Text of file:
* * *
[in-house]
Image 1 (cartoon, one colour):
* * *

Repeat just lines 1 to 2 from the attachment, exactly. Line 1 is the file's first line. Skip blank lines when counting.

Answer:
[in-house]
Image 1 (cartoon, one colour):